Wednesday, March 29, 2006

Is a Genetic Mini-Epidemic Possible?

In prior posts I argued that the California data is totally consistent with the absence of any noticeable autism epidemic between 1992 and the present time. This, however, does not preclude the possibility that the frequency of certain key alleles has changed slowly over decades or centuries.

This hypothesis is of course very speculative, and it would be impossible to test it in the short term. At best, it might be possible to carry out genetic studies of certain populations that have been isolated for a long time, such as the Amish.

What I want to do in this post is explore a number of genetic mini-epidemic theories. Note that these theories had been proposed to try to explain the explosion of autism diagnoses that started in the early 1990s. At this point we know the most likely explanation for the 'autism epidemic' is that of 'broadening criteria/awareness' – based on the changing characteristics of the autistic population and regional peculiarities. Nevertheless, these genetic theories do propose mechanisms by which the frequency of alleles might change in human populations over long periods of time, which could have intriguing implications on human evolutionary theory.

The Geek Syndrome Theory

This theory is often attributed to an article from Wired Magazine titled The Geek Syndrome (2001).

What the Geek Syndrome Theory proposes is that the success of the computer industry has helped geek types get better employment, marry and procreate in higher proportion than would have been possible in the past.


In another age, these men would have been monks, developing new ink for printing presses. Suddenly, they're reproducing at a much higher rate.


The article claims that autism "is surging among the children of Silicon Valley." It further notes that "the picture in California is particularly bleak in Santa Clara County." This specifically refers to the caseload of the San Andreas Regional Center. The statement is rather inaccurate (plus you might guess what I think about the "bleak" wording). The ratio to epilepsy in that Regional Center was 0.53 in December 2002. The same ratio in the Westside Regional Center was 1.19. As we know, the bulk of the 'epidemic' occurred in the Los Angeles area. Unfortunately, it is difficult to determine if San Andreas was slightly different to other parts of California, because of inequivalence.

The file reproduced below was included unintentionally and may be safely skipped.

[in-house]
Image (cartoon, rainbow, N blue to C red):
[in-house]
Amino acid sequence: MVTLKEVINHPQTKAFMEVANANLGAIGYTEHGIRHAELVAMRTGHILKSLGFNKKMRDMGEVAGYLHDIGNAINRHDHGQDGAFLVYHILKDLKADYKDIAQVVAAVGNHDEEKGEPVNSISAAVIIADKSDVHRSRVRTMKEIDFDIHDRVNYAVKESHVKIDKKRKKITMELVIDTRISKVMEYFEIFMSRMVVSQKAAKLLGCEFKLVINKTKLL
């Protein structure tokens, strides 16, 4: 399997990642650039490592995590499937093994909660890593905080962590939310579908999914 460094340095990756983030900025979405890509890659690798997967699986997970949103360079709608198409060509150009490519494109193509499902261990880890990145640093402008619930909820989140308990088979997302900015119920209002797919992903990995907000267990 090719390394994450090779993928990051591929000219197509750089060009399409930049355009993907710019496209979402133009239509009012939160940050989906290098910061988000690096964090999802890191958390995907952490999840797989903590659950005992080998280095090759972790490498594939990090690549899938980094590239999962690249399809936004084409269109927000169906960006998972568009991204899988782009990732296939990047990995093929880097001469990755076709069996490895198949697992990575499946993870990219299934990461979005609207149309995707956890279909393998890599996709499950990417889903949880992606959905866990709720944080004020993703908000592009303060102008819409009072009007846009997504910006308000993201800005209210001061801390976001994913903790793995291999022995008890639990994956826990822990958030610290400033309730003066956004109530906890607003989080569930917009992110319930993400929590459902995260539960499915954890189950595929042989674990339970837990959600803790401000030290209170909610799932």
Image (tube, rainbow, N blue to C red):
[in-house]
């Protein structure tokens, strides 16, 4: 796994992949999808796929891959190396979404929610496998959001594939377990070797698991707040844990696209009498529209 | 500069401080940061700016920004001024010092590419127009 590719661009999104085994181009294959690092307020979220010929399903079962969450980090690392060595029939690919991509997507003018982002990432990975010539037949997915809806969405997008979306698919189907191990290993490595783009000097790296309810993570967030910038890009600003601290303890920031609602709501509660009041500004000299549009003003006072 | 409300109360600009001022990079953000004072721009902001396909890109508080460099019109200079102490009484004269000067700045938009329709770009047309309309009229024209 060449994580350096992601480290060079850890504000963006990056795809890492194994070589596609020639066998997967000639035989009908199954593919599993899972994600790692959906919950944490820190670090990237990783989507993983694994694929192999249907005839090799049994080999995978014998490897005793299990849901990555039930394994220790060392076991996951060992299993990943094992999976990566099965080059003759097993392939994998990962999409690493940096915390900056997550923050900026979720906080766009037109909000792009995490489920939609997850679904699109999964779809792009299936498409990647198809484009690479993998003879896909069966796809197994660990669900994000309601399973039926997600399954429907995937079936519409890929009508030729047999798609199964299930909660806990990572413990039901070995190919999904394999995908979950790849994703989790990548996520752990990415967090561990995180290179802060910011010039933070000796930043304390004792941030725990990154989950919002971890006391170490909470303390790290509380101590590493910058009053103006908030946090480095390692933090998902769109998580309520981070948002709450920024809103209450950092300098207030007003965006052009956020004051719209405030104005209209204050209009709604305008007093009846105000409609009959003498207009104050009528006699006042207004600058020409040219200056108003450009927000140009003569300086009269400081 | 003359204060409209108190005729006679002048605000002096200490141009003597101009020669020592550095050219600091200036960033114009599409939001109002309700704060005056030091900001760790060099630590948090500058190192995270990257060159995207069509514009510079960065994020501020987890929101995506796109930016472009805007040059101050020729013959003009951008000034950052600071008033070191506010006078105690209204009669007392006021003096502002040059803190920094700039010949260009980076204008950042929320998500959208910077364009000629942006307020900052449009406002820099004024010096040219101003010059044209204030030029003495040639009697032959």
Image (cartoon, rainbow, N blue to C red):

There is some plausibility for this theory despite lack of supporting data. This is because a relatively high proportion of engineers and scientists can be found in the families of autistics [ref][ref]. Also, have you seen the video of Bill Gates rocking autistically?

The Assortative Mating Theory

I'm intrigued by the assortative mating theory because my father-in-law appears to be quite the Aspie, although undiagnosed. In a different time perhaps my wife and I would not have met. Today people are very mobile and are able to meet a variety of different potential partners.

This theory is proposed by Simon Baron-Cohen [ref], and it connects with his extreme male brain theory which proposes that males are good at systemizing. Baron-Cohen suggests that two parents who are systemizers might have a greater probability of having an autistic child. He further proposes that it has become easier for geeky types to meet each other because of better job opportunities, and more women working in technical fields.

Again, this theory is plausible but it counts with no supporting prevalence data.